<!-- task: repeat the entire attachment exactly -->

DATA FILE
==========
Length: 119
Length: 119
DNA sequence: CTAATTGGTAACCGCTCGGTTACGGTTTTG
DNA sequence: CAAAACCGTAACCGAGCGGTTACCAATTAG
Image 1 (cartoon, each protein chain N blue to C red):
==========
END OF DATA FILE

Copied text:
Length: 119
Length: 119
DNA sequence: CTAATTGGTAACCGCTCGGTTACGGTTTTG
DNA sequence: CAAAACCGTAACCGAGCGGTTACCAATTAG
Image 1 (cartoon, each protein chain N blue to C red):